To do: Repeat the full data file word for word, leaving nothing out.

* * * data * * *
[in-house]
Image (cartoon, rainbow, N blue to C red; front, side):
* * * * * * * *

[in-house]
Image (cartoon, rainbow, N blue to C red; front, side):